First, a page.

Nerd culture is a vibrant tapestry of events, releases, and milestones that have shaped the entertainment landscape. From iconic movies to groundbreaking games and significant literary contributions, this article takes a trip down memory lane to explore the notable nerd culture events that occurred on January 29th in history. Let’s celebrate these cherished moments that have left an indelible mark on the hearts of fans around the world.
In 1845, American author Edgar Allan Poe’s famously eerie poem “The Raven” was published in the New York Evening Mirror. Equally praised and panned by critics of the day, the poem made Poe famous throughout America and England.
- Poe chose a raven as the symbol of his narrator’s despair because it could talk and had a dark and ominous appearance. He also borrowed the idea of a talking raven from Charles Dickens’s novel Barnaby Rudge.
- Poe wrote the poem while his wife, Virginia, was dying from tuberculosis. He was inspired by his own grief and loss.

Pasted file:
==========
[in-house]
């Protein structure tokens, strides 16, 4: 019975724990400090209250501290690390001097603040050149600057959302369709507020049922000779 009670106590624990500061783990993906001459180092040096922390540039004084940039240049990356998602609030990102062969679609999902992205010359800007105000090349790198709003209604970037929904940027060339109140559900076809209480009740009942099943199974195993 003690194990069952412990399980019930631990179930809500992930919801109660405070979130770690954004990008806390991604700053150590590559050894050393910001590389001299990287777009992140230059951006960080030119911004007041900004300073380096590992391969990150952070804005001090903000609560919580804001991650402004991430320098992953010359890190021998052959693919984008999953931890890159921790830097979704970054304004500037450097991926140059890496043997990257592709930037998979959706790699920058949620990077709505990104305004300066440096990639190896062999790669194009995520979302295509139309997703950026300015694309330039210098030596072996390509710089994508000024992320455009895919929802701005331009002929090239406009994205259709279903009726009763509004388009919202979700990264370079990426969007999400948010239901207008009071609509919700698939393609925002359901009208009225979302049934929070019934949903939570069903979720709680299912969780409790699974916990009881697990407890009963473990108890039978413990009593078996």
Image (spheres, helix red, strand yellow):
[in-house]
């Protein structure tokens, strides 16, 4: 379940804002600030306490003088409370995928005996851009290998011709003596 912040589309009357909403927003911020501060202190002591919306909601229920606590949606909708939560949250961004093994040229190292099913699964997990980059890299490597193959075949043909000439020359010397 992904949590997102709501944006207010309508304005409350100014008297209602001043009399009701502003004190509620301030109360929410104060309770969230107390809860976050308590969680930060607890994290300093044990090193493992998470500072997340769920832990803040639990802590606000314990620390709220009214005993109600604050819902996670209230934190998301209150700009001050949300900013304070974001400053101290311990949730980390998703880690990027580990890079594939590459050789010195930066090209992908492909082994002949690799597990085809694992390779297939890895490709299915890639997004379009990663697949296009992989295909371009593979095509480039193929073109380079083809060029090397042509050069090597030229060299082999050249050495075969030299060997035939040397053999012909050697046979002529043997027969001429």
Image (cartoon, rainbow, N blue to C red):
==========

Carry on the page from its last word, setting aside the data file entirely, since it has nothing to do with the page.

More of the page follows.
- The publication of “The Raven” made Poe an instant celebrity and a household name. People would chant “nevermore” whenever they saw him. Newspapers printed parodies of the poem to attract readers.
In 1996, Duke Nukem 3D released on PC. Duke Nukem 3D is a classic first-person shooter game that features the witty and bad-to-the-bone hero Duke Nukem, who battles against an alien invasion on Earth with various weapons and gadgets.
- The game contains several humorous references to pop culture. Some of Duke’s lines are drawn from movies such as Aliens, Dirty Harry, Evil Dead II, Full Metal Jacket, Jaws, Pulp Fiction, and They Live; the captured women saying “Kill me” is a reference to Aliens.
- The game was one of the first to feature online multiplayer modes, such as deathmatch and cooperative play. The game also supported user-generated content, such as custom maps, mods, and total conversions. Some of the most popular mods include Duke!ZONE, Duke Caribbean: Life’s a Beach, and Duke Nukem 3D: Nuclear Winter.
- The game was developed using the “Build” engine, which allowed for interactive environments, a somewhat novel concept at the time. The game introduced a highly interactive world, where players could interact with many objects that did not directly contribute to gameplay, such as water fountains, light switches, and arcade machines.